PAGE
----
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Confession time: I am a previous binge watcher of America’s Next Top Model. One of my favorite episodes each season was when the models received their makeovers. I was always excited to see how the women would be transformed. There would be some “wow” moments but, without fail, there was usually at least one transformation that was disappointing. I would bemoan the loss of a model’s gorgeous locks or the makeup job that removed pieces of another’s unique look. These little disappointments made me wonder: how many other models have been hemmed and tailored to fit someone else’s perception of beauty? In an industry that can sometimes feel counterfeit, it’s refreshing to know there are still some courageous women willing to break the rules. Here are five such models who have found success on their own terms.

Madeline Stuart

It’s no small feat to be world-famous. To be the world’s most famous model with Down Syndrome is a unique accomplishment that deserves special recognition. 20-year-old Madeline Stuart did not allow her disability to limit her – instead she chased after her dreams with great fervor, making great strides in modeling and even achieving her goal of opening a dance school. Her success has given her the latitude to communicate her ever-important message of inclusion. Her message? “If [you see someone with] a disability, remember they are just like you, they want to feel included and loved.”

Carmen Dell’Orefice

Carmen Dell’Orefice has proven that age is truly nothing but a number. At the young age of 86, she continues to grace the catwalk with those less than half her age. Since her teenage years, Carmen has been a force to be reckoned with, making appearances in Vogue, W, and Harpers Bazaar. What’s so inspiring is that Carmen not only holds the title of oldest working model, but she has remained relevant, despite taking nearly 20 years off from her career. Her ability to pick back up where she left off and continue excelling well into her 80s demonstrates true determination and persistence.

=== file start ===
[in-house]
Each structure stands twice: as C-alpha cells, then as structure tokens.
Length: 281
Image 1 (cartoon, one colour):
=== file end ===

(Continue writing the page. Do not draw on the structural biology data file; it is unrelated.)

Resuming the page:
Jillian Mercado

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Beauty should not be confined to conventional standards and Jillian Mercado can personally attest to this truth. Jillian, a woman living with muscular dystrophy, is an advocate for greater diversity within the fashion industry. Although she uses a wheelchair, she does not want to be defined as a “disabled model” but, simply, a model.  Jillian has done much to change the perception of those who are differently labeled and serves as a great source of inspiration.

Khoudia Diop

The “Melanin Goddess” is a name that seems to exude self-confidence, assurance, and poise. However, this wasn’t always the case for Khoudia Diop, the model behind the moniker. Growing up, Khoudia endured negative remarks and was shunned because she was “too dark.” It wasn’t until she was approached by Tori Elizabeth and Victory Jones, founders of The Colored Girl, to appear in The Colored Girl: Rebirth campaign, that Khoudia began to fully embrace her beautiful skin. With a focus on self-love and acceptance, this campaign gave Khoudia the space to show others that beauty comes in all hues. Says Diop, “I’m seeing change in the industry and, more importantly, a lot of young women going after their dreams and not letting anyone tell them how they should look to be successful, and I think it’s amazing!”

Tess Holliday

If you’ve ever researched the size of a typical model you’ll see heights around 5’9” – 5’11 and sizes between 0-4…not a very wide range, right? Well, meet Tess Holliday, a model who is shunning these standards and creating her own. As the first size-22 model to be signed to a major modeling agency, Tess is all about being proud of the skin you’re in. She uses her platforms to adamantly speak out against those who attempt to shame her and others about their bodies. She is fervent that women should have the right to eat what they want and STILL consider themselves beautiful.

These women may not fit what others have defined a model to be, but they’ve chosen to boldly embrace the attributes that set them apart from others in their field. Their courage to push past stereotypes and serve as uplifting role models to the world is admirable and deserves an ovation.